Thimbleweed Park (Switch) Review
As a fan of the point and click adventure games on the 80s and 90s I lept at the chance to review Thimbleweed Park on the Switch. It had been on my radar for a while, but the chance to play it both at home and on a handheld was worth waiting for.
Thimbleweed Park began its life on Kickstarter, created by the co-creator of Monkey Island and Maniac Mansion Ron Gilbert. Thimbleweed Park is an unabashed homage to those games, the game reminds you of its lineage several times.
In Thimbleweed Park, you play as predominantly two federal agents looking to solve a murder in 1987, in you guessed it, Thimbleweed Park. As the story unravels, you’ll play as more characters, as the game gives you more and more history surrounding the murder.
The similarities between the two main characters and that of the X-Files can’t be ignored, but their appearance is the only real link to that show. Neither of them really like each other, one being a rookie and the other an experienced agent. Switching between the characters isn’t just for fun, there are puzzles that require them to work together from different locations. This adds another layer to some already complex puzzles.
If you’ve ever played a Lucasarts adventure title you’ll know how it goes. You control the character but to get them to do anything you’ll need use the verbs at the bottom of the screen, to open, close, pickup, talk to or look at items and people to get through the game. To this end the puzzles are extremely obtuse at points, you really have to think outside the box and try a ton of different items with other items to solve puzzles. For folks who haven’t played these types of games, this may feel awkward, but this is how it was done. If you’re having trouble, look out for a phone in-game; you can call the hint line to help you through some of the tougher puzzles. There is an option to play the game on Casual, and that removes some of the depth of these puzzles by leaving out some steps, but for the full experience, you’ll really want to play it on hard.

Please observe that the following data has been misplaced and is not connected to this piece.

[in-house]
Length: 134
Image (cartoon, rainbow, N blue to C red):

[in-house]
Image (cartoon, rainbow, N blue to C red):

You can play the game either using traditional controls or use the touch-screen. Neither of them will ever replace a mouse and it’s a shame not to see pointer controls here, but neither of them is exactly terrible. Clearly, an analog stick and buttons aren’t the way to play these games, but it works. On the flip side, you can play with the touchscreen but a lot of items are too small and the tap targets not finger friendly.
Thimbleweed Park’s humour is also as sharp and witty as the likes of Ron Gilbert’s previous work, and the game is filled with pop culture and video game jokes from the industry around the 1980s. There’s actually an in-game option to turn a lot of these off, but I can’t see why you would ever. There’s only really a handful of jokes that wouldn’t make sense for people who haven’t played any adventure games of the era.
Thimbleweed Park just might be too 1980s for a lot of people, but for anyone else who is willing to play through this tale, you’re in for a hell of a good time. While some of the puzzles will be painful and you’ll slap yourself for not getting them right away, that’s half the fun. A humorous story, great characters and just that good old feel make Thimbleweed Park a treasure worth checking out.
- Classic Adventure
- Terrific humours
- Puzzles can be obtuse
- Joy-Con controls lacking
- Touch targets too small
- Puzzles can be obtuse